MISSOULA – Managers with Montana Fish, Wildlife and Parks say new regulations to protect set populations of grizzlies in Northwest Montana are only going to be used if the federal government no longer considers the bears a “threatened species.”
But people at a hearing in Missoula worried that the grizzlies on the Northern Continental Divide Ecosystem (NCDE) are nowhere near recovery.
“What you’re seeing tonight is for one very small limited regulatory mechanism which would be in place after — if — we get to delisting the Northern Continental Divide Ecosystem grizzly bear,” said FWP attorney Bill Schenk.
FWP began developing the grizzly population targets for the NCDE several years ago, anticipating the eventual de-listing of the bears by the US Fish and Wildlife Service.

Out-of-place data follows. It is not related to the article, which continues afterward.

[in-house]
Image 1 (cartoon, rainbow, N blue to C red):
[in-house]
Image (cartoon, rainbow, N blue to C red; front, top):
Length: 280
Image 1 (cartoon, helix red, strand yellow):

The state and its partners estimate there are more than 1,000 grizzlies now in the country which includes Glacier National Park, the Bob Marshall Wilderness, Rocky Mountain Front and the Flathead.
FWP biologists say that’s far above the 800 grizzly population threshold set for recovery, even using conservative population models.
The agency would also build in a “buffer” to make sure the target is maintained. The agency is pledging to protect “connectivity” between the NCDE bears with the Cabinet-Yaak, Selkirks and even the Bitterroot.
But some of the critics of state management worry about what they call “ghost bears”, questioning biologists’ numbers and saying bear mortality is higher than estimated.
They testified this week’s ruling reversing the decision to “de-list” bears around Yellowstone should also give everyone more time to review the numbers.
“Roads and road-related effects are taking a large toll on the breeding population. In summary, following the court ruling, you have an opportunity to pull back this document and start over again in a way that is scientifically and legally sufficient.,” bear consultant Mike Bader said.
A final hearing is set for Flathead Valley Community College in Kalispell on Thursday night.